It seems like there isn’t a single industry on the planet that hasn’t felt the impact of the technology revolution. The internet, as well as the portable electronic devices used to access it, have played a big role in shaping the world’s business landscape, erasing the drawbacks of distance and opening up new market channels and frontiers.
In Nigeria, talk about the role technology is playing in business has focused largely on eCommerce and Fintech. But these aren’t the only things to have come out of the marriage of ICT and business. Healthcare is also being transformed, thanks to innovative startups which have sprung up over the past five years to eliminate the constraints of traditional systems and turn whole processes on their heads. These Health-tech ventures are redefining the business of healthcare in Nigeria, bringing it into the modern age and giving people the chance to enjoy a better quality of life.
Here, we’ll take a look at the outstanding healthcare startups that are revolutionizing various aspects of healthcare in Nigeria.
This startup was launched in 2016 by Dr. Ahjoku Amadi-Obi, a Nigerian physician who is also a fellow of the Royal College of Surgeons, Ireland. Hudibia’s online platform allows users to find and consult with doctors within Nigeria and across the world. It also enables them to book appointments and make in-app payments for services rendered by professionals on its platform. Amadi-Obi, himself an expert in telemedicine, says that Hudibia is “an integrated healthcare solution that leverages emerging technologies to alleviate the challenges of delivering optimum health in a resource-challenged environment.”
Given the fact that there’s a severe shortage of certified and practicing healthcare practitioners in Nigeria, Hudibia could become a major player in the disruption of the country’s inadequate and inefficient traditional healthcare system. It’s still new to the business neighborhood (even by startup standards) but it has great promise.
This startup is known for its flagship product, the Omomi app. It’s a mobile platform designed for pregnant women and nursing mothers. Signed up users are given access to vital maternal and child health information, as well as advice from medical experts. Services available also include an immunization tracker, diarrhea management, and health facts about topics ranging from food supplementation and breastfeeding to family planning.
Mobicure was founded in 2015 by Dr. Charles Akhimien and a friend from his undergraduate days, Dr. Emmanuel Owobu. Dr. Akhimien thought up the idea that became Mobicure after witnessing the death of a young mother’s baby. He believes that such deaths are preventable, and he wants Mobicure to be a part of the solution.
In 2015, Femi Kuti founded Kangpe, a mobile platform which aims to let Nigerians have “doctors in their pockets.” It’s a service that connects people with verified doctors and makes it possible to get advice from them on symptoms, diagnoses and possible treatment (advice given by healthcare professionals via Kangpe are based on the information supplied by users of the service). In effect, the Kangpe app solves the problem of distance between people in need of healthcare, and hospitals.
According to Kuti, “the whole idea of Kangpe was born because it was clear that people always had issues they wanted to discuss with the doctors that weren’t considered serious enough to warrant a visit to the hospital.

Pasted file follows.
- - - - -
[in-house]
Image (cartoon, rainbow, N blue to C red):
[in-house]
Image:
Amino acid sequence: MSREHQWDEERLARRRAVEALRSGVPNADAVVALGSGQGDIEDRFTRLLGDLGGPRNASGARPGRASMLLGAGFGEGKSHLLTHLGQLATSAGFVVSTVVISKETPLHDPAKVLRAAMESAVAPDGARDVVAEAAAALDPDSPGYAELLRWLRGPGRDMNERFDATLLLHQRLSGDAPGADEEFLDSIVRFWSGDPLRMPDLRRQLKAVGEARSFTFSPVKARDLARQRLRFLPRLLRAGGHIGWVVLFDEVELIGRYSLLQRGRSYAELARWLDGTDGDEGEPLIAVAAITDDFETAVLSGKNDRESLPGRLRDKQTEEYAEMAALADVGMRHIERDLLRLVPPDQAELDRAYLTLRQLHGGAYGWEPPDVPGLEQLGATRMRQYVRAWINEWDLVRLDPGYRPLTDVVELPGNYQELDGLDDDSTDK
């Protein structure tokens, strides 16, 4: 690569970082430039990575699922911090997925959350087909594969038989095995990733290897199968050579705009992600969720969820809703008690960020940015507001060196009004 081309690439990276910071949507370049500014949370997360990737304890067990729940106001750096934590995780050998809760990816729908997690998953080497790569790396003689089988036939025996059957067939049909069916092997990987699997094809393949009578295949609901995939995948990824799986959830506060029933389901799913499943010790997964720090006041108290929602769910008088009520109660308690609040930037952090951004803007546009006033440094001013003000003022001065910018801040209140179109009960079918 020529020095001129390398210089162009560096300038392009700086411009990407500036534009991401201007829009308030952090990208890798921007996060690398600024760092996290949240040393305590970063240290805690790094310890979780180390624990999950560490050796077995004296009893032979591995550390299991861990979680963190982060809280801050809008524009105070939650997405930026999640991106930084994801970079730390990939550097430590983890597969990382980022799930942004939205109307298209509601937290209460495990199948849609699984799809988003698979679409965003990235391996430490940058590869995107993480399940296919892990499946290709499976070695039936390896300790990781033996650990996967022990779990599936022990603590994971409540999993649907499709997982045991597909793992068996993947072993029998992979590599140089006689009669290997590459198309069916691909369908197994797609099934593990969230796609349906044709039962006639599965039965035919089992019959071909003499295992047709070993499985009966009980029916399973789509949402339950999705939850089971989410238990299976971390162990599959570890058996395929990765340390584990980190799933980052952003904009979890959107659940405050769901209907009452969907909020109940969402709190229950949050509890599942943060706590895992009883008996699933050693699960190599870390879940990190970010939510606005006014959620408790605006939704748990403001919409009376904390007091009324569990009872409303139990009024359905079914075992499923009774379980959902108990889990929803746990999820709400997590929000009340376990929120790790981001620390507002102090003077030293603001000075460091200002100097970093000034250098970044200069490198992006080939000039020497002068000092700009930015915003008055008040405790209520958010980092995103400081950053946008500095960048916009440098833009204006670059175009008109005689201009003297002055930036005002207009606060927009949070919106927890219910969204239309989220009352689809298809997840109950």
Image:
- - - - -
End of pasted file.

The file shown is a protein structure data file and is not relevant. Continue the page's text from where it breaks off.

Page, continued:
Responding to the claim that services like those offered by Kangpe could pose a threat to brick-and-mortar hospitals, Kuti insists that he doesn’t intend to provide an alternative to physical consultations with doctors. Perhaps a good evidence of this is the fact that the Kangpe app also has a feature that gives its users the option of booking appointments for physical meetings with doctors.
Safermom is a technology-driven maternal health information provider which helps women monitor and track their pregnancy and baby’s development via SMS, voice calls, and the Safermom mobile app. Through its communication channels, thousands of pregnant women and nursing mothers have accessed vital custom-made information from hospitals and clinics, diagnostic centers, and NGOs.
As a tracking tool, the Safermom service comes in handy for women who want to keep tabs on their pregnancy, child development, immunization and antenatal attendance. They can also get referrals to comprehensive health care centers if need be.
Only a few Nigerian startups have succeeded in attracting as much interest from beyond the shores of the country as LifeBank has. Its work has been covered by the BBC, CNN, and Newsweek, to mention a few. And it’s all for a good reason. LifeBank’s business is about the supply of a universal symbol of life: blood.
LifeBank is a “smart blood system” that connects hospitals in need of blood with blood banks. This bit of its work is important for one major reason: not enough blood is being donated in Nigeria, and as a result, the little that’s available has to be used efficiently. But because there’s inadequate information about plasma stocks and blood types available at blood banks, hospitals regularly have severely depleted blood supplies. LifeBank is working to eliminate the information asymmetry that gives rise to this problem.
Another part of LifeBank’s operations is connecting would-be blood donors to blood banks. Again, because voluntary blood donation in Nigeria is so low, this side of LifeBank’s life-saving work is very crucial. With the LifeBank app, potential donors can sign up to help those in need of blood.
If LifeBank’s founder Temi Giwa-Tubosun has a list of favorite endorsements of her startup, she’d probably have Mark Zuckerberg’s commendation on it. Zuckerberg’s words: “If she (Giwa-Tubosun) can actually pull it off, she’ll show a model that will impact not just Lagos, not just Nigeria, but countries all around the world.”